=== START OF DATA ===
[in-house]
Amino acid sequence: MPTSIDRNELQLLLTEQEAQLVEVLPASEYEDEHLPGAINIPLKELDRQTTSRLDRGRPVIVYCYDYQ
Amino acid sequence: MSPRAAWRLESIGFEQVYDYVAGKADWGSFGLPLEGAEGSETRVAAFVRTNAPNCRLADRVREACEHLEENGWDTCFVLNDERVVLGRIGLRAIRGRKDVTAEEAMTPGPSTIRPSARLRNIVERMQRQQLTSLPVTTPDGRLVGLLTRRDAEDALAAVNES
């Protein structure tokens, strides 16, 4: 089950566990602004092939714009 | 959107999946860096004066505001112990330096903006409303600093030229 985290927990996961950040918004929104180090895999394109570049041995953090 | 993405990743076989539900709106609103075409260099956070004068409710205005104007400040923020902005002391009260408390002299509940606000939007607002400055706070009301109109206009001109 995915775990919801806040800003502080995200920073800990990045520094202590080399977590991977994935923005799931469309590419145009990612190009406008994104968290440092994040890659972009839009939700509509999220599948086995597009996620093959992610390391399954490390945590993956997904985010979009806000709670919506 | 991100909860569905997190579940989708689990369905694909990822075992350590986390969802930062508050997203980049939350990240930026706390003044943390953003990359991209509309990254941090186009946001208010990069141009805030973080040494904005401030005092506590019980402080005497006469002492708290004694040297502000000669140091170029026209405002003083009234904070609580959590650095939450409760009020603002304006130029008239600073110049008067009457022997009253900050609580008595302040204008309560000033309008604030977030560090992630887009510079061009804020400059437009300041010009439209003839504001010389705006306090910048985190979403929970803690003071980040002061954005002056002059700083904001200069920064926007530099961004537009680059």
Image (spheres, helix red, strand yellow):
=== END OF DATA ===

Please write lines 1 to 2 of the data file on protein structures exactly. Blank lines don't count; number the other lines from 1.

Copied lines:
[in-house]
Amino acid sequence: MPTSIDRNELQLLLTEQEAQLVEVLPASEYEDEHLPGAINIPLKELDRQTTSRLDRGRPVIVYCYDYQ